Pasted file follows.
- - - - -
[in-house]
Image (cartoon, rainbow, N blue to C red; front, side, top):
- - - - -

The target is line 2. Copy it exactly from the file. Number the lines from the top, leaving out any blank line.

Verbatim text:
Image (cartoon, rainbow, N blue to C red; front, side, top):